Also think about what kind of aspect of tech art you want to do. Do you want to stick to rigging, or do you want to move into creating tools? Since you have a background in rigging I suggest you stick to that for now and make sure you have good stuff to show.
I was told by teachers that in order to make it as a rigger, you need to know scripting aka python.
Is that not the case for you?
what you don't know is that if you want to script well, you script in C# and then you're right into Unity scripting again with C#. Python is now useless
Yep I would probably stick with rigging at least to start. It's something I've always gotten a lot of satisfaction from, and nobody I've ever met has liked it even a bit so I see that as an opening. Plus as a character animator I know how I like to animate which might help make better rigs.

Yeah at bigger/ normal studios. I think the difference is that bigger studios are going to have more output and an assembly line where they need all the automation that scripting provides.

I've just been setting up control rigs for my own characters/ props/ whatever for a long time, so when I got a job as an animator, that was a bonus skill I brought to the table. It was a tiny (mostly shitty) studio, so it was enough for what we were doing. All of my training in school was very broad, teaching us to be "filmmakers" (generalists) rather than specialists, so I got the basic rigging course and then moved on. Since then I have just been building on that initial training.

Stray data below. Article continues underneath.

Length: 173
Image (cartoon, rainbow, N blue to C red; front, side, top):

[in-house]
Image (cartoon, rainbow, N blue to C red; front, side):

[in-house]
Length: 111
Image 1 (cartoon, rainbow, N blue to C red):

But here's some Python-for-Maya-Artists beginner knowledge: C-Hashtag can't access cmds library in Maya. Python can access OpenMaya and cmds. Otherwise I'd much prefer to learn C# for the sake of game development.

Python in Maya is U S E L E S S

The only script worth a damn in that program is (((pymel)))

If you don't even know this by now there is no hope for you, give up immediately


can you elaborate at all? for rigging I've ONLY heard to use Python. For tools I understand if it's a different story.
Ignore this guy >>583227 Python is fine. Pymel is just a subset of the skills that people in the Maya scripting business, and is literally just MEL using Python syntax. Studios are not that picky about what specific language you use, only that you know how to build things.
Don't know why there are so many people here giving shitty advice, just keep doing what you're doing, sounds like you're on the right track.
Pymel isn't a "subset", it's python in Maya done right.

The docs on autodesk.com actually say that

Regular python in Maya was completely Auto generated and incredibly awkward.

Pymel otoh was made by hand over a period of going on 10 years now

nobody in the industry actually cares if you use one or the other. Go to /g/ if you want to argue over language superiority
Stay out of the industry kiddo
But I am in it. Sounds like you're the one who should stay out of it if you don't even know how to give good advice.
Get out of the industry then. All you're doing is making it worse
File: DC_hPuXVoAAteUE.jpg (133 KB, 1080x1080)
133 KB
133 KB JPG
This guy >>583342 >>583345 is a really sad fact of every industry.

>everything I know is right
>everything I do is great
>nothing you do is good enough
>nothing you do will ever be good enough
>critical for the sake of being critical
>your mistakes make him better than you
>treats women as malfunctioning objects
>pointing out your shortfalls gives him pleasure
>lacks understanding of team and helpfulness
>only way to teach you is telling you you're wrong and being angry about it
>seeks blame over resolution or improvement
>no concept of iterative production
>imperfection is as good as doing nothing at all, a complete failure